- Still on the tech front, Samsung is seeking around 500 technicians for a semiconductor plant in Northeast Austin.
- It’s not all good news on the tech front, however: Applied Materials announced between 400 and 500 layoffs this week. The cuts will affect its energy and environmental division, according to BusinessWeek, “with the goal of making it profitable by next year.”
- Guess what’s driving a resurgence of hiring in New York? Okay, okay, the financial industry, but we did that above. But how many of you said “cupcakes”? The trend for high end sweet delights “has now become a legitimate driver of the city’s economy,” according to The Daily Caller.
- Not had your fill of weird miscellany yet? Try this for size: the oil spill is helping to reduce the unemployment rate. No word, however, on whether it’s because BP is hiring every able body it can to help with the cleanup, or just that people have really given up hope. (We suspect the former, however.)
- Not related to the spill (we think) is the news that New Bern, NC-based Hatteras Yachts is adding 350 jobs. Assuming that the company is ramping up hiring due to increased demand, that has to be a positive sign for the economy—there are very few purchases that say “rude financial health” quite like a new yacht, after all.
- Before we get too carried away, however, the biggest story of the week for those in the process of finding a job may well be this one: the reinstatement of long-term unemployment benefits. Among other things, the story has been a solemn reminder of the oft-quoted statistic that there is only one open job for every five active seekers in the economy right now.
Last week, the Project for Attorney Retention (PAR) and the Minority Corporate Counsel Association (MCCA) released a report regarding the gender gap in compensation among law firm partners, “New Millennium, Same Glass Ceiling?“. The study has generated some buzz, both within and beyond the legal community (e.g., The Careerist: “Show Me the Money—Not Work/Life Balance,” and Newsweek: “Even Female Law Partners Suffer Wage Disparities“), though it seems that at least some of the surprised reactions are triggered less by findings that systemic problems in law firm compensation practices “open the door to gender bias” than by the discovery that women are really angry about it.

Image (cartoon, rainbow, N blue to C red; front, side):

PAR and MCCA surveyed nearly 700 women partners who voiced “intense dissatisfaction” with disparities in pay and power. Because women, and especially minority women, are underrepresented at the upper levels of the law firm hierarchy,* they have limited means to address these issues. As noted by Veta Richardson, MCCA’s executive director and co-author of the report: “With few women on compensation committees and in top management positions, women law firm partners’ ability to influence compensation decisions and address salary differentials is limited.”
While some of the problems discussed are structural (e.g., questions as to whether the right factors are used to determine compensation), others are behavioral. According to the report, “Roughly one-third of the women surveyed reported having been bullied, threatened or intimidated out of origination credit, a key factor in setting compensation.” Moreover, a majority of the minority partners surveyed said “that they had participated in client pitches that yielded work for their firms—but that they were excluded when the time came to do the work.”
The study’s findings undercut the common arguments that women are paid less because they work less, generate less business or focus more on family. Fortunately, the report also outlines a series of best practices to help firms establish fairer compensation systems—systems that, the authors conclude, will better serve the long-term interests of law firms in the 21st century—including ways to improve transparency, redesign origination credit and introduce “checks on bias and in-group favoritism.”
MCCA, PAR and the ABA Commission on Women are also compiling a companion report titled “Sustaining Pathways to Diversity—A Survey of Women Partners on Law Firm Compensation and Recommended Approaches for a More Equitable Playing Field,” which is expected to be released later this summer.
— Posted by Vera Djordjevich, Vault’s Law Blog
Follow Vault’s Law team on Twitter: @vaultlaw
*According to data collected by Vault and MCCA in our annual Law Firm Diversity Survey, more than three-quarters of law firm equity partners are white men. Women represent less than 16 percent of the attorneys on firms’ executive committees; and, if you count only minority women, that number drops to less than 2 percent. (These numbers are based on last year’s diversity survey results; this year’s results will be released in a few weeks.)